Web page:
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Tunnel Vision
Alan Shipnuck
April 08, 2002
Employing the latest in engineering technology, we solved the mystery of the swirling winds that make the 12th hole at Augusta so tough
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April 08, 2002

Tunnel Vision

Employing the latest in engineering technology, we solved the mystery of the swirling winds that make the 12th hole at Augusta so tough

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According to Maxfli, a typical eight-iron shot is in the air for slightly more than five seconds. At Augusta that journey is fraught with peril. On the tee the wind is in the golfer's face, quartering slightly to the left (east), in the direction of the 11th fairway. About 25 yards into its flight the ball encounters a crosswind blowing to the east [A]. Another 40 yards toward the green, as the shot is approaching its apex, the ball is slammed by a wind shear, with gusts blowing to the west toward the 13th fairway [B]. This wind dissolves into low-speed swirling 20 yards from the green, as the ball is passing over Rae's Creek [C].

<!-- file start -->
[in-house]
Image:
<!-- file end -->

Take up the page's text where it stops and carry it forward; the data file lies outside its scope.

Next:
The 12th hole has played a pivotal role at numerous Masters, and no wonder—the wind a golfer feels on the tee barely hints at the turbulence his ball will experience in the air. With its secrets revealed, will the 12th (statistically the second-hardest hole, after the 10th) be tamed? Doubtful, says Greg Kopp, the project leader at Western Ontario. "The challenge used to be trying to figure out the wind," he says. "Now the players have all the information, but they may wish they didn't. It's still a frightening shot into a very difficult wind."

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